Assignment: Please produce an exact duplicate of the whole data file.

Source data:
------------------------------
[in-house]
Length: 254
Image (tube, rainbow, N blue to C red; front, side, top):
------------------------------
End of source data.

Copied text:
[in-house]
Length: 254
Image (tube, rainbow, N blue to C red; front, side, top):